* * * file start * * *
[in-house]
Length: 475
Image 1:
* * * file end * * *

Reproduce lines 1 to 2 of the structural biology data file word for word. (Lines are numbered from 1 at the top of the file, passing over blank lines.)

[in-house]
Length: 475